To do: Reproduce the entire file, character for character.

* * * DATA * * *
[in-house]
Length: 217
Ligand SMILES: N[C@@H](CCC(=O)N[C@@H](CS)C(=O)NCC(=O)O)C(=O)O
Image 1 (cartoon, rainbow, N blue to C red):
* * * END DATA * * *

[in-house]
Length: 217
Ligand SMILES: N[C@@H](CCC(=O)N[C@@H](CS)C(=O)NCC(=O)O)C(=O)O
Image 1 (cartoon, rainbow, N blue to C red):